"Better information drives better management decisions"
Funded by the Dept of Environment & Science
Delivered by Qld’s Drought and Climate Adaptation Program (DCAP)
HortCarbon Info is a Web tool which can be used to calculate greenhouse gas (GHG) emissions from most Horticultural growing operations.
The final report for this tool can be found here.
Emission Factors have been updated using Australian National Greenhouse Factors November 2022
The original HortCarbonInfo Excel spreadsheet was created in 2008 by Peter Deuter, Principal Horticulturist, Queensland Department of Primary Industries (QDPI), Gatton Research Station, as part of the project - "Improving the Capacity of Queensland Intensive Agriculture to Manage Climate Change", a Queensland Farmers Federation (Growcom & NGIQ) project funded by DAFF Australia and has been updated many times since.
In 2009, a version (BananaCarbonInfo) was developed for the Australian Banana Industry in a project - "Understanding and Identifying the Threats and Opportunities for the Banana Industry Posed by Climate Change", funded by Horticulture Australia Limited and QDPI; and in the same year a version, (MushroomCarbonInfo) was developed for the Australian Mushroom Industry.
The most common boundary is the farm boundary, and period of time is a year, so the greenhouse gas emissions which are calculated using this tool are those created by on-farm operations for one year. Most of these operations can be influenced to varying degrees by growers. A different boundary and/or period of time can be selected by the user.
Greenhouse gas emissions from the manufacture and transport of inputs for horticultural production are not included in this Web tool. Nor are the emissions associated with transport and marketing of horticultural crops which are sold through wholesale and retail outlets. A Life Cycle Analysis needs to be undertaken to account for the emissions from these sources.
Additional information has been provided to assist in the understanding of GHG emissions, and how these might be reduced or mitigated, and to explain some of the uncertainties associated with calculating and reducing emissions.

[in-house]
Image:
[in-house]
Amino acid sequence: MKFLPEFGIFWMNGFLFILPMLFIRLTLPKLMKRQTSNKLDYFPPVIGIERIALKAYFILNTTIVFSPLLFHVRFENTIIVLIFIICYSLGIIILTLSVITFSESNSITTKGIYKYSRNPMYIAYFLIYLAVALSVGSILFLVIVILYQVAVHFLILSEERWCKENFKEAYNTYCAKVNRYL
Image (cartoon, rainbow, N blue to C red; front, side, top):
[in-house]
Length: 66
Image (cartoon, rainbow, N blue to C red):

The emission factors used in this tool are updated each year from National Greenhouse Accounts (NGA) Factors. The most recent being November 2022.
HortCarbon Info has the following limitations:
Project Leader – David Carey, Senior Horticulturist, Horticulture and Forestry Science, DAF Qld
Project Team Members – Peter Deuter, Horticultural Consultant, PLD Horticulture; Yiru Chen, Horticulturist, Horticulture & Forestry Science, DAF; and Dr Neil White, Principal Scientist, Horticulture and Forestry Science, DAF Qld
HortCarbon Info is a tool to calculate Greenhouse Gas (GHG) Emissions from a Horticultural farming system.
1. Collect the necessary Data - the majority of data will be found in the farm records.
Some of this is not in the form required by HortCarbon Info (e.g. - electricity is mostly recorded as a $ amount, because it is used in financial recording, but HortCarbon Info needs the Electricity data in kWh (kilowatt Hours). This information is readily obtained from the actual Electricity Accounts. It is also very important to record the STATE or TERRITORY, as the emission factor for electricity is different for each Australian State, because of the energy source used in generating electricity (black coal, brown coal, hydro, etc.).